What vehicle measures were taken and how effective were they?


For trucks, the following vehicle measures have been taken: open side shields, blind spot mirror, 90 km/h speed limiters, presence and usage of seat belts, retroreflective contour marking, Automatic Emergency Braking (AEB) system and Lane Departure Warning (LDW) system. The effective date and effectiveness of the measures are presented in Table 5.




Open side shields

1998: Article 5.3.48 in [3]

A side shield may prevent vulnerable road users from sliding underneath the rear wheels of the truck or (semi)trailer. Not much is known about the effect of side shields on road safety, but according to estimates a positive effect is expected [44].

The presence and use of seat belts is mandatory for occupants of trucks and delivery vans

EU directive 2003/20/EC [45]

Not much is known about the road safety effect of seat belt use among drivers of trucks and delivery vans. These drivers use seat belts less often than car drivers [46]  [13]. It is to be expected that increasing seat belt use among occupants of trucks and delivery vans will lead to fewer severe injuries. 

Introduction blind spot mirror

1 January 2003 [47]

The decrease of the number of road deaths due to blind spot crashes in the first few years after the introduction of the blind spot mirror may be caused by this introduction and the associated publicity, but also by coincidental fluctuations [32]. Not much is known about the road safety effect of the front-view mirror, the more convex wide-angle mirror and the larger close-proximity mirror.

Introduction of front-view mirror, more convex wide-angle mirror and larger close-proximity mirror 

EU-richtlijn 2007/38/EC [48]

Mandatory 90km/h speed limiters for N2 and N3 vehicles

2005: Article 5.3.15 in [3]

Lower speeds decrease both crash rates and crash outcome severity (see SWOV fact sheet Speed and speed management.

Retroreflective contour marking of trucks with a maximum mass exceeding 7.5 tonnes and trailers exceeding 3.5 tonnes

2008: EU directive 2007/35/EG [49]

2011: retrofit trucks that are issued with a registration number for the first time (in accordance with [49])

Research into the effectiveness of applying  retroreflective contour marking to existing trucks (retrofitting) shows that, in the Netherlands, this measure will save an annual maximum of three road deaths [50].

Automatic Emergency Braking (AEB) system mandatory for trucks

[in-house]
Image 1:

2013: EU regulation 661/2009 [51]

Although a positive road safety effective of AEB has been proved for cars [52], there are no exact figures of the road safety effect of AEB for trucks. Several studies theoretically estimate a positive effect of AEB for trucks [53], although practical tests at a test track show that current AEB implementations for trucks are not always reliable in the timely detection of obstacles [54].

Lane Departure Warning (LDW) system mandatory for trucks

2013: EU regulation 661/2009 [51]

Research shows that trucks with an LDW system have a 1.9 smaller risk of getting involved in sideswipe collisions, single vehicle crashes and head-on collisions due to lane departure [55].

Table 5. Vehicle measures taken to increase road safety for trucks and delivery vans.

Possible new vehicle measures

Blind spot detection and warning systems (BSW) may alert truck drivers to other road users in their blind spot [55]. Collision avoidance systems (such as Advanced Cruise Control) may also help prevent crashes, but may distract drivers as well [57], also see SWOV fact sheet Intelligent transport and driver assistance systems (ITS and ADAS).

In Great Britain, a method has been developed to assess direct vison (without using mirrors) of vulnerable road users from the cabin [58]. to reduce the number of blind spot crashes. A truck may score zero to five stars, the latter corresponding to the best possible direct vision of vulnerable road users. The mayor of London has applied this standard by only allowing N3 trucks, from 26 October 2020 onwards, access to London when scoring a minimum of one star. From 2024 onwards, trucks should have at least three starts to be allowed to enter London [59]. This measure forces manufacturers to build trucks with improved direct vision, for example by fitting the motor block differently which lowers the truck driver’s seat and the position of the side windscreens.

Part of fact sheet

Trucks and delivery vans

From 2009 to 2018, an annual average of 80 road deaths were attributable to crashes with trucks and 67 road deaths to crashes with delivery… Meer

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